I do a lot of work, and I picked the best of my work, that meshed together. I do more than what a lot of folks do, and I picked the best of what I got. That's how I put it together. I can't tell you how to do it; you just gotta work, work, work, work, until you come to a complete body of work.

You've got Meth, Inspectah Deck, GZA and RZA on this album. Were those tracks you'd been working on together, or are they tracks for the album that you wanted those guys on?
When I get my tracks, when they give them to me, I know where I gotta go with them. I do what I do. When I'm with my group you're only gonna hear sixteen bars of me. You'll only hear a little bit of me on each song. I'm much bigger than that, so that's why I put out records, which are more of what I'm about. I think I did that with Keynote Speaker.

Your first album was quite late, in terms of Wu-Tang solo albums. What took you?
Because I wasn't getting attention! You got nine people in my group. I had to gather my own music, gather my own beats, and I put out my first record in 1998. My first record was a gold record. I don't know what you mean by "come out late", to me it was time to put out a record.

When does something stop being hip-hop? Like the new Kanye album, it's pretty far from what hip-hop 'is'.

Music is music. It is what it is. You as the writer and me as the artist, your job is to write what I'm saying. My job is to entertain you. With my words, with my rhythm patterns. That's my job. Your job is to sit on the sideline and critique what I'm saying and also what I'm doing. At the same time, as a musician, we're dealing with sound here. And there's different levels of sound. As a person who is a musician, I understand what he was trying to do. We go through our experimental stages as musicians. We have to experiment, it's in us. Nobody wants the same fuckin' eggs and salmon every morning. No one wants to talk to the same people every day. You want to keep new energy coming. People want to push the envelope. It's the same with me, I'm gonna give you some Wu-sounding shit, but I'm also gonna take you somewhere else too. And you gotta come with me. But certain music does touch more people than others. And as a musician, that's what your dreams are, you're trying to touch as much people as you possibly can with your music. And sometimes we go out of bounds.

Your track 'Golden Arms' on the new record is more electronic. It's a step away from what you've done before.
The crazy thing about that is that a lot of people are gravitating to that track. Some people love that shit, and some people, it's not their cup of tea. As a musician, I have to make a whole body of work that everybody can absorb. You might not like track number fifteen, but somebody else does. My desire is to get fifteen tracks that y'all can relate to. And that's kind of a hard situation. Everybody's not gonna like the blockbuster movie that comes out, everybody didn't like Batman. You know what I'm saying? Everybody's picky. If you're making a salad you gotta put things in there that people are gonna like. People might not like croutons, but they in there. Like a body of work.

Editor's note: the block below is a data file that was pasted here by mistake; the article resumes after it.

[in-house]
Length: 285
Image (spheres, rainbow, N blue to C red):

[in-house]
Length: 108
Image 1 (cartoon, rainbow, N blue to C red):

But people are going to dig an electronic track, because it's on a U-God album anyway. Even if it doesn't sound like their idea of Wu.

I don't know how you compare Wu-Tang sounding records, because my record is Wu. Wu-Tang sounding records? I don't know what the hell you mean by that shit. But I know one thing for sure, you turn that record on and it's Wu-Tang right there. It's 2013. By the time I come back you might change your mind. Because people do that too. Saying something at the beginning, then when everybody start liking it, they got a change of heart all of a sudden. It is what it is. This is a Wu-Tang sounding record, it's just my version of it. You're gonna hear more music from me too. It ain't like it's just going to stop. Trust me. I'm gonna give you always good quality soundin' music. That's my job, man.

RZA is credited as being 'Executive Producer' of this record. What does that mean?
I don't know what you're talking about. Next question.

Tell me about the book you're writing then.

That's gonna be about my life story, because a lot of y'all don't even know me like that. I've been like the black sheep of the family, in the background of the fam. It's gonna be my life story. I have lived a very adventurous life. I was a very adventurous guy. It's gonna be a good ride. It's gonna be what it's gonna be.

What are you listening to right now?